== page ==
In Young v. State, 38 Ariz. 298, 299 P. 682, we correctly stated that the purpose of voir dire examination of jurors is to determine the real state of their minds so that a fair and impartial jury can be chosen, and to this end the allowance of a question rarely constitutes reversible error though refusal to permit one to be asked may sometimes be. The line of interrogation objected to might well have produced answers that would have induced counsel to exercise his rights of peremptory challenge.Summary of this case from Evans v. Mason
Criminal No. 731.
Filed June 2, 1931.
1. JURY. — Asking prospective jurors if they then knew why they could or would not favor death penalty held proper (Rev. Code 1928, § 5035, subd. 14). In a prosecution for murder in the first degree, it appeared that county attorney asked prospective jurors if they were firmly convinced that defendant was guilty, whether they would vote in favor of death penalty, whereupon defendant's counsel objected on ground that jurors thereby became obligated to inflict death penalty if they found defendant guilty, and both court and county attorney, in presence of jury panel, stated that question did not have such meaning, which indicated to jury that effect of question was merely to reveal whether jurors had any conscientious scruples against capital punishment, question being properly asked in view of Rev. Code 1928, § 5035, subd. 14, under which one who has conscientious scruples against capital punishment shall be neither required nor permitted to sit as a juror in cases where death penalty may be inflicted.
2. JURY. — Juror held properly asked whether he had conscientious scruples against death penalty and whether he then knew why he would or could not vote therefor (Rev. Code 1928, § 5035, subd. 14).
3. JURY. — If county attorney's question discloses juror's prejudice, defendant cannot base error on question, but must make challenge.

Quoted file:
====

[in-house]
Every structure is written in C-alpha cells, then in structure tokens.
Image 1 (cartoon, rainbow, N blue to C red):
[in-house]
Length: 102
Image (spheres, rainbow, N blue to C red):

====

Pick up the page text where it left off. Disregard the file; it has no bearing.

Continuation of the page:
4. JURY. — Examining jurors on voir dire is to determine state of mind, promoting selection of impartial jury.
5. CRIMINAL LAW. — Since jury, in determining nature of wounds, might properly have examined deceased's body, photographs, if showing true condition of wounds, were admissible. Purpose of rule requiring that photographs which are offered in attempt to show condition of object which cannot be examined physically by jury must show object as it existed at time to which evidence is directed is that jury shall not be misled into believing that certain conditions did or did not exist when the facts were otherwise.
6. CRIMINAL LAW. — Photographs of deceased's head after doctor removed stitches from wounds held admissible, since fact that head had been shaved and mercurochrome applied could not have misled jury in determining nature of wounds.
7. CRIMINAL LAW. — That doctor's shaving deceased's head and applying mercurochrome, heightening ghastly appearance of wounds, might arouse jury's passion against defendant, did not render photographs inadmissible.
See 16 R.C.L. 271.
See 13 Cal. Jur. 712.
APPEAL from a judgment of the Superior Court of the County of Pima. Fred W. Fickett, Judge. Judgment affirmed.
Mr. Wm. O'Brien Kearns and Mr. James D. Barry, for Appellant.
Mr. K. Berry Peterson, Attorney General, Mr. Renz L. Jennings, Assistant Attorney General, and Mr. Claude Smith, County Attorney, for the State.
Herbert Young, hereinafter called defendant, was informed against by the county attorney of Pima county for the crime of murder in the first degree. The jury returned a verdict of guilty, as charged, and fixed the penalty at death, and, from the order overruling the motion for new trial and the judgment on the verdict, the defendant has appealed. There was practically no conflict in the evidence in the case, and the facts may be stated as follows: